Afghan foreign minister visits Iran amid tensions over migrant deaths

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An Afghan government delegation traveled to Iran on Sunday amid increased tensions between the two countries.

Bilateral relations have been especially strained since May 1, when 13 Afghan migrants drowned after they were reportedly coerced to cross a river at gunpoint by Iranian forces.
In the second incident, which took place in the Iranian city of Yazd on June 5, three Afghans died after police opened fire on a vehicle they were traveling in. Police said they shot at the vehicle because it had failed to stop for a routine check.
“The goal of the trip is to address the unpleasant latest incidents, finding ways to prevent its repetition, strengthening and broadening of all-sided cooperation,” the Afghan Foreign Ministry said in a statement.

The delegation, led by Foreign Minister Haneef Atmar, also comprises officials from five other government bodies.
In the first incident, the migrants had entered the country illegally and were part of a group that included children. In extensive interviews with Arab News, survivors and officials from Herat province, where most of the migrants came from, spoke about being subjected to torture and beatings by the border guards.
“The main agenda of the team’s discussions with Iranian authorities, no doubt, will be the issue of Afghan refugees and how we can solve it at the level of governments,” Javid Faisal, a spokesman for President Ashraf Ghani’s National Security Adviser, said on Sunday.

Ghani has come under fire from lawmakers and ordinary Afghans who consider the government’s response to the killings as too “soft.”
It gained momentum with the summoning of Kabul’s envoy by Tehran following anti-Iranian protests in Afghanistan and by Afghan refugees living in the West last week.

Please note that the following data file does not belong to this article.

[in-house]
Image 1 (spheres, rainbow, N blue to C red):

Placards with images of Iranian leaders were set alight, while a group of protesters threw red ink at the entrance of Iran’s Kabul embassy, prompting Tehran to summon the Afghan envoy on June 14.
The move elicited an angry response from Iran, with its Foreign Ministry spokesman saying last week that it had warned the Afghan envoy “that such actions, insults, and offenses are intolerable.”

Kabul failed to respond to the summoning of the Afghan envoy and Iran’s subsequent warning to him, drawing criticism from the public and lawmakers.
Analysts and lawmakers said Kabul’s silence was because of its “isolation in the region” and because it did not want to “jeopardize its relations” with Iran, which it relies on for much-needed imports.

Iran replaced Pakistan as Afghanistan’s main trade partner last year, according to lawmakers who put the volume of imports from Iran to $2 billion in 2019.
Meanwhile, the US Embassy said Saturday that Washington sided with Afghan migrants who had been “abused, tortured and killed” by Iranian authorities.
Experts said the stance was because of Iran’s global reputation.
“America has always complained about Iran’s human rights reputation and is an enemy of Iran, has imposed long and tough sanctions against it,” Taj Mohammad, a Kabul-based analyst, said, adding that the regional problem was also a “good opportunity” for Washington.
“It is obvious and natural that the US has troops in Afghanistan and would want to either defend Kabul or slam Iran for the incidents, good opportunity for it to do so.”

Wary neighbors Iran and Afghanistan have had an uneasy relationship in recent years, with Kabul accusing Tehran of using Afghan Shiite migrants to fight proxy wars in the Middle East, as well as providing cash and arms to the Taliban insurgents fighting the Afghan government and US-led troops in Afghanistan.

Iran has been wary of the presence of US troops in Afghanistan and considers them a threat to the Islamic Republic.
With its economy weakened by increasing US sanctions and the spread of COVID-19, lawmakers believe Tehran no longer wants to host more Afghans fleeing war and poverty. But others thought that the migrant deaths were part of a “deliberate policy” by Tehran to deter more Afghan migrants from going to Iran.
“One probability behind the two incidents is that Iran would like to pass on a message to illegal Afghan migrants wishing to travel there that: ‘Look if you want to come here without document, you will end up in a situation that these people suffered, you will be killed’,” lawmaker Nazifa Zaki told RTA reporter.
In addition, records shared by the Health Ministry showed that, as of Sunday, 29,000 Afghans had tested positive for coronavirus in the country, after the disease was first brought in by a group of migrants returning from Iran.

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